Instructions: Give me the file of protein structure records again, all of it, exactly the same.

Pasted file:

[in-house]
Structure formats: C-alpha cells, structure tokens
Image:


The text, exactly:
[in-house]
Structure formats: C-alpha cells, structure tokens
Image: